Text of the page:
A Malian woman with one previous child gave birth on Tuesday to a stunning nine children, nonuplets, in a Moroccan birth clinic, according to the BBC. Even more surprisingly, 25-year-old Halima Cisse was “only” anticipating seven babies, as ultrasound scans failed to detect the eighth and ninth babies.
Cisse’s delivery via Cesarean section at 30 weeks gestation followed a five-week stay in the private Moroccan clinic Ain Borja. Health officials in her home country had transferred her there for a higher level of care due to her high-risk pregnancy with multiples. The nine children, five girls and four boys, were all born weighing between 1.1 and 2.2 pounds and were listed in stable condition, according to the medical director of the clinic. Some 30 medical staff are caring for the nine newborns.
NPR reported that Cisse was in stable condition in an intensive care unit after a severe hemorrhage requiring blood transfusion. The hemorrhage resulted from extreme stretching of her uterus because of the high multiples pregnancy.
The woman’s husband, Adjudant Kader Arby, and daughter remained in Mali during the birth, and Arby reported having received congratulatory phone calls from top Malian officials. “Everybody called me! Everybody called!” he said. “The Malian authorities called expressing their joy. I thank them… Even the president called me.”
Cisse’s delivery of nine living children is expected to set a Guinness World Record, though a rep for GWR commented to NPR, “we are yet to verify this as a record as the wellbeing of both the mother and babies are of top priority.” The current record holder, Nadya Suleman of California, notoriously dubbed “Octomom,” delivered eight children in 2009 and sparked controversy due to her use of in vitro fertilization (IVF). The BBC noted that two other women, one in 1971 in Australia and another in Malaysia in 1999, were known to have delivered nine living children at a time, but all of those children died after just a few days.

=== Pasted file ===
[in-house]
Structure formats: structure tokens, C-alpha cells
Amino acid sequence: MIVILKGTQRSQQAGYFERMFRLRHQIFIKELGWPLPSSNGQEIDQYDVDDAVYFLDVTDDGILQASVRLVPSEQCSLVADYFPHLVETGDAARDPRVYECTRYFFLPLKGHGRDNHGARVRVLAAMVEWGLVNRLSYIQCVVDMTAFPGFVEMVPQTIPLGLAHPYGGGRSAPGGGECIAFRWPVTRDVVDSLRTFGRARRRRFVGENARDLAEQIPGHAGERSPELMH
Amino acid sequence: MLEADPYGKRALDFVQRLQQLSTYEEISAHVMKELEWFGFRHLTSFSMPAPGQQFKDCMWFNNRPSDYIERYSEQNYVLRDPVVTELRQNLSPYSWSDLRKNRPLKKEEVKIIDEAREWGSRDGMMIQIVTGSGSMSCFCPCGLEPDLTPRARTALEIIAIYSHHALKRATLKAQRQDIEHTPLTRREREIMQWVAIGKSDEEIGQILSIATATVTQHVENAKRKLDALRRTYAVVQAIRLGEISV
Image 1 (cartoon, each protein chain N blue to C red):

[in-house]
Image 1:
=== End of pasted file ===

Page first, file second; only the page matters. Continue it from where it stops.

According to the Associated Press, Cisse was not known to have undergone fertility treatments.
An NBC News report noted that Yacoub Khalaf, a reproductive medicine professor from Kings College London, considered the possibility of conceiving such a high number of children without the use of assisted reproductive technology (ART) such as IVF ‘extraordinarily unlikely.’ Khalaf warned of significant physical risks to mothers of high multiples, stating that Cisse “was at severe risk of losing her uterus or losing her life,” as well as risks for the babies, who “could suffer physical and mental handicaps. The risk of cerebral palsy is astronomically higher.”
Live Action News has previously reported on the many risks for multiple babies born at one time, which include preterm birth, birth defects, miscarriage, twin-to-twin transfusion syndrome, and amniotic fluid issues. Sadly, the medical intervention routinely offered to women who successfully conceive multiple children through a form of ART is “selective reduction,” or abortion of one or more of the babies.
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